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NetBooks Targets 'Small Businesses

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Posted September 5, 2007 By SmallBusinessComputing.com Staff     Feedback

The Web-based application vendor claims its new offering has the price, support and ease of use to attract the demanding small business crowd.

For some small businesses, QuickBooks, Microsoft Outlook and maybe another application or two is all the business management software they'll need.

If you fall into that camp, the launch of NetBooks may not be of much interest. But if, like many businesses, you're looking for a single application that integrates bookkeeping, invoicing, inventory management, sales, marketing and customer relationship management, the new Web-based service may be worth checking out.

"If all you need is bookkeeping, QuickBooks is a good product," NetBooks founder and CEO Ridgely Evers said. Of course, Evers may be a bit biased there. The self-professed father of QuickBooks is the man behind the new online small business suite.

While NetBooks is new to small businesses; the company is isn't so new. Evers said NetBooks has been quietly at work on the application suite for five years. What sets NetBooks apart other small business financial software is the full business management approach of the Web-based software. What sets it apart from other business suites, Evers said, is the focus on what he describes as "true small businesses."

The addition of "true" before small business is key to how Evers position NetBooks.

A true small business has anywhere from two to about 25 employees (or at the most 50), is owner-managed and does not have a professional-management layer of vendor capital (i.e., growth is organic). NetBooks claims that according to the U.S. Census, IRS and Small Business Administration numbers there are 5.1 million true small businesses in the country. A true small business is very different from a small enterprise, Evers said. For example, while NetBooks has 40 employees, Evers said his company isn't a true small businesses between it's planning to grow much bigger. In fact, he said, NetBooks uses Netsuite to run its business.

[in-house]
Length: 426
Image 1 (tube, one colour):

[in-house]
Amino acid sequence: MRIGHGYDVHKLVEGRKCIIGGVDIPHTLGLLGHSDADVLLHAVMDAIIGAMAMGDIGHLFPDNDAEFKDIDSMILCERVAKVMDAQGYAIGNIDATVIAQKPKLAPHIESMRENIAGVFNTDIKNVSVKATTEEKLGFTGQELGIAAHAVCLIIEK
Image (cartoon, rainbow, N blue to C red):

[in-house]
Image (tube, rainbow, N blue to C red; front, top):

But just because a business doesn't plan to grow beyond 50 employees doesn't mean the owner doesn't want, or need, to control all aspects of his or her business through one centralized dashboard. Typically, small businesses patch together applications for bookkeeping, sales, inventory management, invoicing and so on and devote man-hours to make it all work. However, Evers said, small business owners are finding that every part of the business is interconnected, and they are looking to automate everything.

On-demand, or software as a service (SaaS), applications are now within the grasp of most small businesses, Evers said. "What's really helped is broadband for small businesses." Going with SaaS, not only eliminates hardware and related IT costs, but also, according to Evers, it ensures a more secure environment for business data.

Security is a big risk for small businesses, Evers said, whether the risk comes from disgruntled employees or hard drive failures. "It's almost irresponsible to keep your data on your computers." NetBooks data, he said, is protected in a hosting facility that features bank-grade security, redundant infrastructure and continuous data backup.

The NetBooks suites currently include bookkeeping, sales-, customer-, inventory-, shipping-, production-, marketing-, and compliance-management applications, according to the company. Evers said that NetBooks works with each business to set up the service and then provides ongoing support. "Support is always handled internally, and everyone on our support staff has bookkeeping experience." The company offers chat support but it doesn't resolve the problem online. "They [the support people] call you," he said.

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